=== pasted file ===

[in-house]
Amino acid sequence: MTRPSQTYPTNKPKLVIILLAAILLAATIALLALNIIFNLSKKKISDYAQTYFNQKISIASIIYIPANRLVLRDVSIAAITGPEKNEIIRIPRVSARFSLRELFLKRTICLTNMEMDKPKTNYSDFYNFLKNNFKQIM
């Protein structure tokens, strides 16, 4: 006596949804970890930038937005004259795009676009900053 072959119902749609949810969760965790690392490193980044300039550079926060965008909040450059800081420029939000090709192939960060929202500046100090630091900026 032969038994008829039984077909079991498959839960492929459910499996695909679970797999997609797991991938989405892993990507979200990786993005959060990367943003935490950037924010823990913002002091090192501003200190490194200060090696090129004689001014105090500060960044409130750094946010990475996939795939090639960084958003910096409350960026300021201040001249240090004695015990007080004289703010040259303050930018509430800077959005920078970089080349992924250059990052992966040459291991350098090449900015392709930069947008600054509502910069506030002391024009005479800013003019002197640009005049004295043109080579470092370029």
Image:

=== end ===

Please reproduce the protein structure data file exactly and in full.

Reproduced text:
[in-house]
Amino acid sequence: MTRPSQTYPTNKPKLVIILLAAILLAATIALLALNIIFNLSKKKISDYAQTYFNQKISIASIIYIPANRLVLRDVSIAAITGPEKNEIIRIPRVSARFSLRELFLKRTICLTNMEMDKPKTNYSDFYNFLKNNFKQIM
């Protein structure tokens, strides 16, 4: 006596949804970890930038937005004259795009676009900053 072959119902749609949810969760965790690392490193980044300039550079926060965008909040450059800081420029939000090709192939960060929202500046100090630091900026 032969038994008829039984077909079991498959839960492929459910499996695909679970797999997609797991991938989405892993990507979200990786993005959060990367943003935490950037924010823990913002002091090192501003200190490194200060090696090129004689001014105090500060960044409130750094946010990475996939795939090639960084958003910096409350960026300021201040001249240090004695015990007080004289703010040259303050930018509430800077959005920078970089080349992924250059990052992966040459291991350098090449900015392709930069947008600054509502910069506030002391024009005479800013003019002197640009005049004295043109080579470092370029």
Image: